Mishra, P., Koehler, M. (2006). Technological Pedagogical Content Knowledge: A Framework for Teacher Knowledge. Teachers College, 108(6), pp. 1017–1054. Retrieved from:https://elearning.sydney.edu.au/bbcswebdav/pid-1803068-dt-content-rid10383028_1/courses/2013_Semester_1_EDUP3002/Mishra%20%26%20Koehler_TPCK.pdf

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Daily Routines in Kindergarten Classes

A Day in the Life of a Kindergartener!

Crystal Isaac's insight:

This is a clip i found on Youtube which documents a class at Syracuse Academy's daily activities. It also provides teachers with a useful example of a TPCK approach to teaching strategies, showing an integration of technology, content and pedagogical knowledge (Mishra & Koehler, 2009, p.1039). I think this is a good insight into the rules and expectations that need to be integrated into Kindergarten classes from early  terms, to ensure routine throughout the school year.

In the video, children from the classroom show the viewers around different aspects of their class setting and what is expected of them from when they get in in the morning, to when their in classes during the day. It portrays various aspects of roles, rights and responsibilities in the classroom and at home, as students need to regulate and take control of their own learning and management.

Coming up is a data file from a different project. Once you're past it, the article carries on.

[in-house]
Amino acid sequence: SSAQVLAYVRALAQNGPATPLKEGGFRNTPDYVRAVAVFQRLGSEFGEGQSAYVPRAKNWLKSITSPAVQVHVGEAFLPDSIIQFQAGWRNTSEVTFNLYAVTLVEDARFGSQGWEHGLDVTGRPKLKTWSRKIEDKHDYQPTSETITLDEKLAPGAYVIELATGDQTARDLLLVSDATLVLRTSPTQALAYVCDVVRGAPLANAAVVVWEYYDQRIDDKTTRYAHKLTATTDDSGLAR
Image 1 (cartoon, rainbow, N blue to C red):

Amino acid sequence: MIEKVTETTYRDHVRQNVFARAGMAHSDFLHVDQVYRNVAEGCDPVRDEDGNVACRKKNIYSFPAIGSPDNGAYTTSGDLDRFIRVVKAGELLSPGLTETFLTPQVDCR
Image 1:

Other roles, rights and responsibilities can be seen in the decorations throughout the classroom, including behaviour management strategies and day of the week calendars. Site words, literacy work and rules of the classroom and school are also all displayed through the class, so students have the visual reminder of what is needed as they enter the classroom environment.

This Youtube clip is a perfect example for teachers who need to set-up boundaries and routines for students in Kindergarten. Mishra and Koehler state that "The advent of digital technology has dramatically changed routines and practices..." (2006, p.1017), but this could also be to our benefit in this case, as it also allows us to gain insight and view these changes, in the form of YouTube.

Although some may think this is too rigid, early stage students need this type of structure in the classroom to get them used to the school setting. I believe this is a strong and useful resource for teachers (especially preservice teachers) who may be looking at introducing this type of structure into their kindergarten class.

 

I believe this is a perfect blend of independance and routine for the students in this class, all while emphasising this fact by introducing students to technological aspects and reinforcing the routine by having the students dictate their own experiences!


Reference:

Mishra, P., Koehler, M. (2006). Technological Pedagogical Content Knowledge: A Framework for Teacher Knowledge. Teachers College, 108(6), pp. 1017–1054. Retrieved from: https://elearning.sydney.edu.au/bbcswebdav/pid-1803068-dt-content-rid-10383028_1/courses/2013_Semester_1_EDUP3002/Mishra%20%26%20Koehler_TPCK.pdf